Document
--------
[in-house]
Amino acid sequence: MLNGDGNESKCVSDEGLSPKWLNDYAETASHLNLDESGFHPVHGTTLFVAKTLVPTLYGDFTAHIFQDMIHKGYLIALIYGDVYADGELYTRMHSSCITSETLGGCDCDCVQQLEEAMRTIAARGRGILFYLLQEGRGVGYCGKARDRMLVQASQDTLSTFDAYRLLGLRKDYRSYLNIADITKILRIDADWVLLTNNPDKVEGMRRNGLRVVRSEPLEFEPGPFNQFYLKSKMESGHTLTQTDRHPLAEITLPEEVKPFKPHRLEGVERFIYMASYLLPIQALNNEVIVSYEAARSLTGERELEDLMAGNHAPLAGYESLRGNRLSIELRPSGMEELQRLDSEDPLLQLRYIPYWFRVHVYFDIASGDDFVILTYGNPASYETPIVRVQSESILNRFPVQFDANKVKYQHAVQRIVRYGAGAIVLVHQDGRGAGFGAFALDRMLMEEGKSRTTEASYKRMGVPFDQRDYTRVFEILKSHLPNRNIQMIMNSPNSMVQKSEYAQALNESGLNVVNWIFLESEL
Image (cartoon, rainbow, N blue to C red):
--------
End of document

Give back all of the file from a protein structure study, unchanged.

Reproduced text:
[in-house]
Amino acid sequence: MLNGDGNESKCVSDEGLSPKWLNDYAETASHLNLDESGFHPVHGTTLFVAKTLVPTLYGDFTAHIFQDMIHKGYLIALIYGDVYADGELYTRMHSSCITSETLGGCDCDCVQQLEEAMRTIAARGRGILFYLLQEGRGVGYCGKARDRMLVQASQDTLSTFDAYRLLGLRKDYRSYLNIADITKILRIDADWVLLTNNPDKVEGMRRNGLRVVRSEPLEFEPGPFNQFYLKSKMESGHTLTQTDRHPLAEITLPEEVKPFKPHRLEGVERFIYMASYLLPIQALNNEVIVSYEAARSLTGERELEDLMAGNHAPLAGYESLRGNRLSIELRPSGMEELQRLDSEDPLLQLRYIPYWFRVHVYFDIASGDDFVILTYGNPASYETPIVRVQSESILNRFPVQFDANKVKYQHAVQRIVRYGAGAIVLVHQDGRGAGFGAFALDRMLMEEGKSRTTEASYKRMGVPFDQRDYTRVFEILKSHLPNRNIQMIMNSPNSMVQKSEYAQALNESGLNVVNWIFLESEL
Image (cartoon, rainbow, N blue to C red):